Sixto Cancel’s Foster Care Experience Led Him To Create A Nonprofit That Could Transfer $1.3B To Families Of Color

For Black families, family reunions are a staple. From the matching T-shirts to the cookout at the picnic, it is a time for relatives to get together to reminisce and make new memories.

And while the vibes of family reunions are usually high energy, there is sometimes the ambiguity of meeting new cousins and discovering folks one may have never met, which Sixto Cancel can relate to.

Cancel knows firsthand the impact of not growing up around family or knowing where he belonged.

He started navigating the foster care system when he was 11 months old. Since then, his journey has been full of challenges but also a realization that the system tasked to support and help him was consistently failing him. At one point, he had even given up on the concept of family.

“When I was 15, and I realized that the system was going to continue to fail, it was like, ‘Okay, Sixto, how do you make sure that you are prepared to live on your own, you’re prepared to be able to work, you’re prepared to make your own money because there’s nothing that’s going to come that’s gonna be given to you,’” Cancel said.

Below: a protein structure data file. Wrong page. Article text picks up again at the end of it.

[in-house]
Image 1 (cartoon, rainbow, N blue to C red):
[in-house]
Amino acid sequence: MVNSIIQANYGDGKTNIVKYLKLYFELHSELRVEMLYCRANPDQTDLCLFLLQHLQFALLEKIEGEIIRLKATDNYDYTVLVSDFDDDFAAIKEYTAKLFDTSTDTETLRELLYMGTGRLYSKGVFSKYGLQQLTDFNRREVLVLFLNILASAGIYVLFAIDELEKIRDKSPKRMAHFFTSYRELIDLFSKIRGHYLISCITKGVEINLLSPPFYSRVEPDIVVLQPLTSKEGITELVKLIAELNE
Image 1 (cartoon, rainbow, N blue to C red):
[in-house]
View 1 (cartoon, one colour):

However, a couple of years ago, a phone call from his sister changed what that would mean for him.

“I got a phone call from my sister, and she told me that, just in three hours, there’s gonna be this family reunion,” Cancel noted. “And that’s when I raced over to Harlem and got to meet, you know, my father’s side of the family.”

Although this meeting was pivotal to his journey, it was a significant marker in his work, advocacy, and fundraising to support foster families through his organization, Think Of Us.

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